Of your list...the most overly warm would be the paradigms or pioneer but at a cost of resolution...to be fair...these are also the least costly as well...for your criteria...slightly older sonus faber concertinos would be ideal for jazz...they might be just out of reach...well worth the wait...psb stratus minis as well
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If your sensitive to bright sounding equipment/speakers, stay away from the metal dome tweeters. I find them to usually be a problem myself, and rarely find one that I can listen to. And usually, the under $3000-$4000 ones will be worse. Paradigm, Wharfedale, and Psb, in the past (present?), has had some of the most offensive metal tweeters to a lot of people.
Spendor S3/5's are very nice spks. Warm sounding (Soft dome tweeter, VIFA I believe), Not very efficient. 84db. Limited bass. Tannoy spks. are very good as well. I own two prs.(MX-1M's and Fusion 1's) and both sound excellent. If you don't mind a larger bookshelf spk. look @ Snell J II's. Vifa drivers. (Dahlquist M-905's as well.) Shortly I'm expecting a pr. of older Mission bookshelf spks. which were very highly recommended to me. We'll see....Good Luck!
At your budget you don't need to settle for the PSB Alpha; you could afford the Image B5 or Image B6. Don't let the titanium tweeters scare you. I've been listening to titanium dome tweeters in my Mirage speakers for 15 years and they are sweet, linear, and smooth. PSBs are also well-known for having a transparent, honest midrange and extraordinary linearity. Comprehensive B6 review here.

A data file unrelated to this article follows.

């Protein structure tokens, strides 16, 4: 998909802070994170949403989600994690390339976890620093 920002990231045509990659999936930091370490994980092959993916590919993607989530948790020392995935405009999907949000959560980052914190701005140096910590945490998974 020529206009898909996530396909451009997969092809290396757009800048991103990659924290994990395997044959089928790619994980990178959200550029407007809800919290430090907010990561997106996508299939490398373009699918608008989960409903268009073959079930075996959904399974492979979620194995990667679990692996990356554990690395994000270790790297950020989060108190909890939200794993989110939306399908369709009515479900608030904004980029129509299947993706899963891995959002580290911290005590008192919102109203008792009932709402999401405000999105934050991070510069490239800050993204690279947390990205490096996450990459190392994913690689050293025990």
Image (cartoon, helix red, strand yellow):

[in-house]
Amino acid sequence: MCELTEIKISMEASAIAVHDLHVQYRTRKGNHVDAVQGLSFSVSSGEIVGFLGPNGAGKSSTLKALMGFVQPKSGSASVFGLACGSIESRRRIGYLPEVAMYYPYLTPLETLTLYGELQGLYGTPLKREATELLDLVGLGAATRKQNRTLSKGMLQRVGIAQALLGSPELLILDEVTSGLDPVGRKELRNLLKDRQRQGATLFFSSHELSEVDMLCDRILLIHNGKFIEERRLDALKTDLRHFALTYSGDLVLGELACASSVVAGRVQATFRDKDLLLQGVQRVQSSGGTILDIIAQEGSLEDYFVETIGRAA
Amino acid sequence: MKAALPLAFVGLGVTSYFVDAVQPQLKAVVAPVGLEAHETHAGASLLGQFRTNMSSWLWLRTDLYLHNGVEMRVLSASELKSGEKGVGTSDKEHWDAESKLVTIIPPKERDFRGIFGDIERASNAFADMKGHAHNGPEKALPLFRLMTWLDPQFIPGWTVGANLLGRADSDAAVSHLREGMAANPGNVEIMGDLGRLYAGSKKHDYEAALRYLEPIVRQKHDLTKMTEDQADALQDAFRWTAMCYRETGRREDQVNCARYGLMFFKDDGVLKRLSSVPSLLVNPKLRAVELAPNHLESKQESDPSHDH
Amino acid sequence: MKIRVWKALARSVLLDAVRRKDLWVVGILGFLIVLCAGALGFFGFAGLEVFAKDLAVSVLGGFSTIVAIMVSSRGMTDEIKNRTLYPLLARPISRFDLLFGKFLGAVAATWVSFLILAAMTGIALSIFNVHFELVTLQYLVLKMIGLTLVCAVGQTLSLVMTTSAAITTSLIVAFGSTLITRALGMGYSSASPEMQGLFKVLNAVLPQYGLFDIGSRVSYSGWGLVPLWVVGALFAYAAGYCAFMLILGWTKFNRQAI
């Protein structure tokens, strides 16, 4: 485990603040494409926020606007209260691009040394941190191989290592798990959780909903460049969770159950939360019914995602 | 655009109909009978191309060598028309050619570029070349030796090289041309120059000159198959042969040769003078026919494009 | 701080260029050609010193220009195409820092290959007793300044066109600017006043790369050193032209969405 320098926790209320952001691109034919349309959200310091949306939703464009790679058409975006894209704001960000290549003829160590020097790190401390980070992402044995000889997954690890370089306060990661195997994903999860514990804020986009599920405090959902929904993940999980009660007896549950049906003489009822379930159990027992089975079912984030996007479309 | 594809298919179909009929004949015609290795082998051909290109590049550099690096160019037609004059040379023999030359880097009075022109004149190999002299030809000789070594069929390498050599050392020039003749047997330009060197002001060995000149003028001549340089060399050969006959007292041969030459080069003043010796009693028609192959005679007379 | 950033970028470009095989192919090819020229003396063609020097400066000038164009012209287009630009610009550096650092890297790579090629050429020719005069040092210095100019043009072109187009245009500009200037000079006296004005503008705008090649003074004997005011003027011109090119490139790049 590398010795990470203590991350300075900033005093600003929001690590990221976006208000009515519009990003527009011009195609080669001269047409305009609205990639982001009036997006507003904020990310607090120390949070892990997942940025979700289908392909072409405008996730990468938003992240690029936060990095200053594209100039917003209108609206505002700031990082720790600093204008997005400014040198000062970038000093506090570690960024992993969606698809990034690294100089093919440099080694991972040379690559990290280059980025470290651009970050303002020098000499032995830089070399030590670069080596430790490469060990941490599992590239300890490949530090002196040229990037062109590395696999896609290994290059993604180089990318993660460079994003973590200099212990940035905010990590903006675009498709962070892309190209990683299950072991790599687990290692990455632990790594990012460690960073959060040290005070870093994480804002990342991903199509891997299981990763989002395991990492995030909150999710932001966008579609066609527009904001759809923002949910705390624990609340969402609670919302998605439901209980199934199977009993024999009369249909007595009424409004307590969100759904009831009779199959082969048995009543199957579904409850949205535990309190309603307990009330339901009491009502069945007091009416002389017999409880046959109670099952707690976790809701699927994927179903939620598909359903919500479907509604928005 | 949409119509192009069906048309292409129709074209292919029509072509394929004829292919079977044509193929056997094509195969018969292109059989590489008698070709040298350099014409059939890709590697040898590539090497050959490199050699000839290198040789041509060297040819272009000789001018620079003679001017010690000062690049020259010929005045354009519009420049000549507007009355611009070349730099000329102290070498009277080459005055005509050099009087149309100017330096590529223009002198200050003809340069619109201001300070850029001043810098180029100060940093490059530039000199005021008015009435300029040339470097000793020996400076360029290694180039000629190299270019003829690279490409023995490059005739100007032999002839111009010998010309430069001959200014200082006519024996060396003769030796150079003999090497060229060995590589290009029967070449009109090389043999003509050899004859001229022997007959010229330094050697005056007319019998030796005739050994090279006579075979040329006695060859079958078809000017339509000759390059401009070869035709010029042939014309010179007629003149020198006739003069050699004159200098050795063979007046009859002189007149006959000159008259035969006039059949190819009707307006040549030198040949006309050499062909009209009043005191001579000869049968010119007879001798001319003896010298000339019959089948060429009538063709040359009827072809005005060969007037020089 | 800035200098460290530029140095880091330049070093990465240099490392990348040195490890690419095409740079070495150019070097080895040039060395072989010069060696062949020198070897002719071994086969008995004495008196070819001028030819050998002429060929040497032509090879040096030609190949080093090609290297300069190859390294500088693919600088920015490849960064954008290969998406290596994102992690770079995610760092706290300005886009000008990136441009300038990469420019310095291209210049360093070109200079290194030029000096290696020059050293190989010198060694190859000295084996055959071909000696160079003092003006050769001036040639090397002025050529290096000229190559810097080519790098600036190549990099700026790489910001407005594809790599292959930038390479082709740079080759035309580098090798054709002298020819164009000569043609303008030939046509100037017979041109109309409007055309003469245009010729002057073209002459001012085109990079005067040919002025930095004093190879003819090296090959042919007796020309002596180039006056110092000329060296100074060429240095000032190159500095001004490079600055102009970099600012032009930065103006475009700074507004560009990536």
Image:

On your list there are powered speakers and passive speakers. What is the rest of your system? Beyond that obvious question, a thumbs-up for Adam Audio - I would not call them warm though. Most studio monitors will tend towards neutral before warmth. The Adams are very engaging with all types of material. If you have the room and budget the A7X are amazing, but even the A3X will fill your small living room capably. They are better than AudioEngine by direct comparison - just overall a more refined and revealing speaker. They do also have some facility to put the volume control in one of the two speakers via some additional cable. I have not tried that so could not comment on the results, but it is certainly more convenient than the typical studio monitor where you would need to adjust volume separately on each speaker (something you might want to consider in weighing their use in your living room). As you move up the Adam line you will get lower and more controlled bass. You might also add Silverline Minuets, and, if you can find them in your price range (they do come up for just a bit more), Proac Tablettes. The Silverline is a bit more sensitive and would not need as much power as the Proacs would.